The bus didn’t have a bathroom, but there used to be a five gallon metal bucket at the back exit door that had a rope tied to it. If we ran late for a show someone could use it then toss it out the back door as we rolled down the highway. You didn’t have to let it rattle along the asphalt very long for it to empty and dry out, then you could reel it back in. This worked okay till we got older and some of the guys developed prostate issues. (Plus we became more conscious of the enviroment.) The bucket got lost around Waxhaw one night when the rope broke, and we didn’t get around to replacing it.
“Who all’s playing this one?” Moose asked.
Good line up. I went last year. Darin and Brooke Aldridge, Balsam Range, FlintHill. Besides bluegrass there’s everything from zydeco to calypso.”
“Cool. Shelby. The home of Earl Scruggs, right?”
“Yep. Don Gibson too. They’ve got a Scruggs Museum and Don Gibson theatre in town.”
“I’d like to see that.”
“It’s not up and running yet, but will be soon. They’ve got Marty Stuart coming in November.”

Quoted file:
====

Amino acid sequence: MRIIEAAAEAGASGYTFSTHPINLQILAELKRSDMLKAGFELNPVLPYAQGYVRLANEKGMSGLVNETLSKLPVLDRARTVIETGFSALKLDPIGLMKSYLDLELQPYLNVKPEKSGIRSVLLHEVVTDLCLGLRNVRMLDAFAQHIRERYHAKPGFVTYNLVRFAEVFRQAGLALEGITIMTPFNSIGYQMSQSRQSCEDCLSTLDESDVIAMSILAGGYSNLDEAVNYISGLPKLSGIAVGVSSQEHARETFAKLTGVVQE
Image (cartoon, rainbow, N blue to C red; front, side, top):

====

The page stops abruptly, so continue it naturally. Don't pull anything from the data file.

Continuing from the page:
Moose noticed a cracked window on the starboard side. “You seen the duct tape?” I opened the glove box, retrieved a roll, and handed it to him. “Thanks.” Moose found the cardboard and began to board up the window. “Say they’re having Marty Stuart?”
“That’s next month at the Gibson Theater.”
“I’d love to open for Marty.”
“Heck of a player,” I said.
“I tell you man, when we played with him at Hartford’s he was a hoss.”
I thought back to those old Christmas parties at John Hartford’s house. Hartford, Bill Monroe , Marty Stuart, Benny Martin. John sure knew how to throw together a jam session. “We gotta get in with this Art of Sound crowd. Word on the street is they know all the rank and file musicians in that part of the state. Honest to goodness, man; it’s a music town.”
“Didn’t we play the fairground there one year?”
“Yeah. It was the year Monroe was there.”
“If I remember right they only had a few hundred people.”
“Yeah, that was twenty-five years ago, though. I’m telling you, someone over there has revitalized the local music scene. I think it’s the Arts Council in town.”